7 min read

One State Has It Backwards On Bear Baiting

On Tuesday, I was canvassing with Question 1 supporters in Augusta, Maine, and today I am door-knocking in Waterville, another central Maine community. Last night I was with our state director, Katie Hansberry, in Caribou and Presque Isle, small towns in the far north and east of Maine, near the border with Canada. Both are considered to be rural communities that might have suspicions about the motives of Question 1, the ballot initiative to ban baiting, hounding and trapping of bears for sport or trophies. Yet, as we've found, there are so many wonderful, caring people working on the ballot measure, motivated solely by their interest in protecting bears and Maine's reputation of animal welfare and sportsmanlike hunting. And they are all over the state.

I feel quite comfortable reaching people anywhere and everywhere in Maine with our message of compassion and our convictions about setting reasonable restrictions on cruel and unsporting methods of bear hunting. There's nothing extreme about our message or goals, but there is something extreme and distressing about a bear-hunting program that allows trophy hunters to shoot fed, trapped or treed bears. These practices stack the deck so badly in favor of trophy hunting that the animals have very little chance.

The Maine Department of Inland Fisheries and Wildlife is waging an overreaching, illegal campaign to defeat Question 1, bringing into sharp focus the issue of whether state governments should be using public resources to influence elections. The state's bear biologists at the DIFW have developed the nation's most reckless, unsporting and inhumane bear-hunting program, and they are fighting tooth and claw to defend their decision to do what no other state does: allow all three of these extreme hunting methods.

Their hunting program has generally been a dud with hunters in the state. The number of Maine hunters pursuing bears has been declining, and only three percent of them buy bear licenses. The hunt has mainly been structured to benefit a small number of guides and outfitters who offer guaranteed kills of bears to fee-paying trophy hunters from out of state. For example, these quotes are straight from Maine trophy-hunting websites:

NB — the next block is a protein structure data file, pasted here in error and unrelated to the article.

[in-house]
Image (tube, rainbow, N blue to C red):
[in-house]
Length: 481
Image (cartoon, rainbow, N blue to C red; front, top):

"GUARANTEED MAINE BLACK BEAR HUNT ... The kill rate has been 80% in recent years." – Powderhook Outfitters
"‘Guaranteed Hunt' – If you schedule this hunt and don't see a bear to shoot, you can return next season for free." – PB Guide Service
"We strongly encourage youth hunting - children are always welcome at Cedar Ridge." – Cedar Ridge Outfitters

It's amazing that even as beech bark disease has claimed so many trees that produce mast that bears need to thrive, the bear population has increased 30 percent in the last decade. The only logical explanation is that the state allows these guides to set up perhaps upwards of 5,000 bait sites (mounds of jelly doughnuts, pizza, molasses and meat scraps) throughout the Maine woods, supplementing the natural foods for bears and artificially growing their population.

Just as Louisiana citizens said no to cockfighting and South Dakotans said it's time to adopt felony-level penalties for animal cruelty, making them the last states to get on board with those reforms, it's time for Mainers to end the Pine Tree State's ignominious distinction of being the last state in the nation to tolerate all three of these unfair, inhumane bear-hunting methods. They benefit a small number of guides at the expense of rank-and-file Maine hunters, wildlife and outdoor enthusiasts, animal advocates, and all other residents of Maine who want to see animals treated responsibly, fairly and humanely.

Remember, Maine was the first state in the nation to adopt an anti-cruelty law. And it had a great governor, Percival Baxter, who was a friend to all animals and a model for enlightened action by elected officials when it comes to animal welfare policy. It's time for the state to reclaim its leadership position on the proper and decent care of animals, including the wild ones.

Paid for with regulated funds by the committee of Mainers for Fair Bear Hunting, PO Box 15367, Portland, ME 04112.